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Can Pandora Mitigate Risk With the Ticketfly Acquisition

Pandora Media Inc. (NYSE: P) made waves in the market Wednesday morning on news of an acquisition. The company announced it has entered into an agreement to acquire Ticketfly, a leading live events technology company, to create the definitive music platform for connecting fans, artists and event promoters. This transaction is valued at roughly $450 million and consists of a nearly equal balance of cash and stock.

Pandora considers this move the latest step in achieving Pandora’s mission to help artists find their audience and help listeners find the music they love. It’s not just through the earbuds anymore, but now listeners can find this music live on stage too.

Ticketfly provides ticketing and marketing software for approximately 1,200 leading venues and event promoters across North America and makes it easy for fans to find and purchase tickets to events.

The combination of Pandora and Ticketfly will solve the longstanding problem of event discovery by seamlessly connecting Pandora’s nearly 80 million monthly active music fans to events they’ll love.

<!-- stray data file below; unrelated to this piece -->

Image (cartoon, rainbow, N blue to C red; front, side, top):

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Brian McAndrews, CEO of Pandora, said:

This is a game-changer for Pandora — and much more importantly — a game-changer for music. Over the past 10 years, we have amassed the largest, most engaged audience in streaming music history. With Ticketfly, we will thrill music lovers and lift ticket sales for artists as the most effective marketplace for connecting music makers and fans.

Here are few Ticketfly operational highlights:

  • In 2014, Ticketfly sold 16 million tickets to more than 90,000 live events, generating more than $500 million in transaction volume and crossing the $1 billion mark in cumulative transaction volume.
  • Ticketfly powers more than 600 websites on behalf of its clients making it the leading provider of website technology to the live events industry.
  • An average of 14 million people visit Ticketfly online and its network of client sites each month.

On one hand, some could argue that this transaction is a way for Pandora to mitigate risk and not just operate in an online streaming model but move into live performances. On the other hand, Pandora is taking a risk, committing 10% of its current market cap toward a business that it might not fully understand.

Shares of Pandora were down 4.8% at $20.91 Wednesday morning. The stock has a consensus analyst price target of $22.04 and a 52-week trading range of $13.30 to $24.11.

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By Chris Lange